Are You Talkin’ to Me?
That is the book, wherein no doubt, is guidance for those who are on their guard (2:2).
I felt a shiver run through me as I read the above verse. I thought to myself, Are you talking to me?
I was on only the second page of the Qur’an and I had already experienced a sensation I would have repeatedly as I made my way through the text. On the previous page of the Scripture was the first surah (chapter) of the Qur’an, which is essentially a prayer for guidance. It reads:
Praise belongs to God, the Sustainer of the Worlds;
The Merciful, The Compassionate;
Master of the Day of Judgement.
To You we pray, and You we seek.
Guide us on the straight path,
The path of those whom You have favored,
Not of those who have strayed or upon whom is wrath (1:1-7).
Here, on the second page, at the beginning of the second surah, God himself responds to the reader, stating that the guidance for which he or she just prayed is undoubtedly right in his or her hands. I thought, So you are saying that in this book is the guidance I just prayed for? I looked again at the second verse:
“That is the book.”
“What an original and appropriate way to present a revelation!” I said to myself. Instead of relating a history of a people, or a biography of a great teacher, or a collection of sayings of a prophet, the author, whom I assumed to be Muhammad, writes the Scripture in the form of a direct address from God to humanity. I thought that this is exactly what we should expect from a divine revelation— sort of like the Ten Commandments expanded to a book.
As I made my way through the Qur’an, my respect for its cleverness grew. I was particularly impressed by the way I would repeatedly have the same experience I mentioned above—but on an increasingly profound level—where I would have the eerie feeling that the Qur’an was actually communicating to me, intellectually, and, for lack of a better word, spiritually. I figured that somehow the author inserted in the text a large number of passages that he knew would provoke certain questions and reactions in the reader, and then he responded to the anticipated reader’s reactions in the subsequent passages. This ability of the Qur’an to engage the reader in mental and spiritual conversation—or as Fredrick Denny puts it, “to read the reader”—gives it tremendous psychological power, and this I believed might account for the renowned religious fervor of Muslims. I felt that the author must have had deep insight into human nature, especially since this inherent power of the Qur’an, judging at least from my own experience of it, is still extremely strong fourteen centuries after it first appeared.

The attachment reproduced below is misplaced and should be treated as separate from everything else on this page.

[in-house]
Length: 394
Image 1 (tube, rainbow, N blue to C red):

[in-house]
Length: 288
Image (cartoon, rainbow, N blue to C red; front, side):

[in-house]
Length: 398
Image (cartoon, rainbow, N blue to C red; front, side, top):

The first twenty nine verses of the second surah concisely and eloquently summarize the Qur’an’s major themes: Humanity's need for self-surrender to God, Muhammed’s prophethood, the Hereafter and Final Judgment, the Qur’an's use of symbolism (2:26), the resurrection of man and God's ultimate sovereignty. These verses also contain a description of the Scripture’s potential audience. The readers who will benefit most from the Qur’an are the sincere believers. The readers who will gain the least are the close-minded who are bent on rejecting the Qur’an. In between these two categories are the pretenders and self-deluded who claim to be sincere in faith but who really put worldly pursuits and self-interests above faith. These will profit little from reading the Scripture unless they change their mindset. In form, the Qur’an’s introduction is not unlike introductions of many modern instructional texts, introductions which describe their books’ contents and the prerequisites needed to learn from them.